Section 2. Notwithstanding any other law, the following acts are not unlawful under law of any subdivision or be a basis for seizure or forfeiture of assets under South Dakota law
- Possessing, consuming, growing, using, processing, purchasing, or transporting an amount of cannabis that does not exceed the possession limit;
- Transferring one ounce or less of cannabis and up to six immature cannabis plants to a person who is twenty one years of age or older without remuneration;
- Controlling property where actions described by this Act occur; and
- Assisting any other person who is twenty one years of age or older in any of the acts described in this Act [Recreational-marijuana initiative, Section 2, received by Secretary of State 2017.03.27].
The opening clause is the problem: “the following acts are not unlawful under law of any subdivision” says political subdivisions of the state (cities, counties, school boards…) can’t outlaw pot but appears to leave in place state laws banning pot. I could hazard a mathematical argument that since every set is a subset of itself, the state is a subdivision of itself. However, South Dakota Codified Law’s frequent references to “the state or its political subdivisions” make clear that “subdivisions” are really divisions of government under the state, not the state itself (roughly, in mathematical parlance, proper subsets).
The original draft of the recreational-marijuana initiative phrased the sponsors’ overarching intent more clearly:
Notwithstanding any other provision of law, except as otherwise provided in this chapter, the following acts are not unlawful and shall not be a criminal or civil offense under South Dakota law or the law of any political subdivision of South Dakota or be a basis for seizure or forfeiture of assets under South Dakota law for persons 21 years of age or older… [Recreational-marijuana initiative, Section 3, received by Secretary of State 2017.01.09].
The LRC recommended this revision to that provision [overstrike = recommended deletion; underline = recommended addition]:
Notwithstanding any other
provision oflaw, except as otherwise provided in this chapter,the following acts are not unlawful and shall not be a criminal or civil offenseunder South Dakotathe law of the state or the law ofany politicalsubdivision of South Dakota, or be a basis for seizure or forfeiture of assets under South Dakota law for persons 21 years of age or older… [LRC revisions, 2017.01.09].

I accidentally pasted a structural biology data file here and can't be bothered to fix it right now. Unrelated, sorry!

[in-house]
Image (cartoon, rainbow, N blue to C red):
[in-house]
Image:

In minor news, notice that the bad grammar—”…the following acts are not unlawful… or be a basis…”— of the revised initiative arises from following LRC’s recommended revision exactly.
But in major news, the accidental limitation of the initiative to local laws comes from the crucial omission of the change I highlight in red. LRC recommended rewording “under South Dakota law or the law of any political subdivision of South Dakota” to “under the law of the state or any subdivision.” Those phrases mean the same thing. The ballot question sponsors lost that equal meaning when they struck “South Dakota” but did not add “of the state.” The current, circulating language thus loses an important compound prepositional phrase and says only “under law of any subdivision.”
Interestingly, the sponsors kept the “under South Dakota law” that the LRC struck at the end of the seizure-and-forfeiture phrase. However, as written, that phrase appears to apply only to the nearest predicate—”be a basis for seizure or forfeiture of assets”—and cannot reach back beyond the “or” to apply to the preceding predicate—”are not unlawful….”
Petition sponsor Melissa Mentele of New Approach South Dakota tells Dana Ferguson that she’s not concerned about this “typo” and contends that “it’s one person’s perception of grammar versus another’s.” Those are two separate arguments. New Approach would lose in court on the grammar issue: the words as written in this section appear to leave most state laws against marijuana possession and use in place. To win its argument, New Approach should focus on the “typo” argument by showing how the flawed existing language arose from revisions, responding to LRC recommendations, that garbled the clear intent of the original draft and other 34 sections of this initiative, which clearly envision cannabis being grown, labeled, sold, taxed, and used as a legal product throughout the state of South Dakota.